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Answer to your Health Question

Question (07/12/2012):

Title: Repair or not repair a cystocele and uterine prolapse.

I was diagnosed with Grade 2 Cystocele and Rectocele grade 1-2 uterine prolapse.

I have no sensation of heaviness, bulge etc.

I also was diagnosed with stress and urgency incontinence.

I saw 2 different board certified urogynecologists.

Both recommend the sling.

One wants to use mesh to repair the prolapses but the other said if it is not symptomatic, leave it alone.

He said if I have problems in the future, he would use my own tissue--not mesh.

Both would give me medication for urgency/frequency.

Do you have any opinion about which approach (leaving prolapse alone- or repairing it?



Dear Amy,

Some women with urine leakage can regain control by losing weight, cutting caffeine or doing special pelvic muscle exercises called Kegel exercises, exercises to strengthen the pelvic floor muscles. Kegel exercises may also help relieve some symptoms of a cystocele (a type of pelvic organ prolapsed).

In a severe-grade 2-cystocele, the bladder sinks far enough to reach the opening of the vagina.

A mechanical support device called a pessary (plastic or rubber ring inserted into the vagina to support the bladder) helps some women.

Treatment options range from no treatment for a mild cystocele to surgery for a serious cystocele.

If a cystocele is not bothersome, the doctor may only recommend avoiding heavy lifting or straining that could cause the cystocele to worsen.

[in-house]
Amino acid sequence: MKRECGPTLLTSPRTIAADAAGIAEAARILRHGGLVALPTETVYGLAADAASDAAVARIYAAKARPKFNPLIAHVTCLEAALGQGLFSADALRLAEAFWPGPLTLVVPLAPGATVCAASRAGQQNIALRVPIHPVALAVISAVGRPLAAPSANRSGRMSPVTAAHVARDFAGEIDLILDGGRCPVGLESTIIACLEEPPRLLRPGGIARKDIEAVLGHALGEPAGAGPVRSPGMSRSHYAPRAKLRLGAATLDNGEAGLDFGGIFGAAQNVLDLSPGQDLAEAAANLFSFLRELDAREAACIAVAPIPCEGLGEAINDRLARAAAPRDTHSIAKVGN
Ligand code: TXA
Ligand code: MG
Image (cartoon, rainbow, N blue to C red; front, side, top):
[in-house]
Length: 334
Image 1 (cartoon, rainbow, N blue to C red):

If symptoms are moderately bothersome, the doctor may recommend a pessary- a device placed in the vagina to hold the bladder in place.

Pessaries come in a variety of shapes and sizes to allow the doctor to find the most comfortable fit for the patient. Pessaries must be removed regularly to avoid infection or ulcers.

The pessary is most often used for prolapse of the uterus (uterus droops or sags into the vaginal canal because the muscles and ligaments that should support it are weak).

A pessary can help if you have a cystocele (when your bladder droops down into your vagina) or if you have a rectocele (when the wall of your rectum bulges into the bottom of your vagina).

A pessary can also help many women who have stress urinary incontinence (the leaking of urine when you cough, strain or exercise).

The pessary has to be fit just right in orderfor it work correctly and be comfortable.

Many vaginal pessaries can be worn during intercourse.

Pessaries remain an excellent alternative to surgical repair for pelvic organ prolapse and stress urinary incontinence.

The Uresta® pessary is indicated for use in adult women over 18 years of age who experience involuntary urine loss with physical activity (stress incontinence), but is not indicated for urge incontinence (also known as overactive bladder) that is caused by bladder contractions (detrusor instability). It is treated with bladder re-training, elimination of caffeine and standard anticholinergic medications.

Treatment of a cystocele depends on how severe the cystocele is and whether there are any related conditions, such as a uterus that slips into the vaginal canal (prolapsed uterus).

Mild cases - those with few or no obvious symptoms - typically don't require treatment. The patient could opt for a wait-and-see approach, with occasional visits to the doctor to see if the prolapse is worsening, along with self-care measures, such as exercises that strengthen pelvic floor muscles.

Many women use pessaries as a temporary alternative to surgery, and some use them when surgery is too risky.

If there are noticeable, uncomfortable symptoms, the cystocele may require surgery.

You may find more information related to your question at:

Cystocele repair

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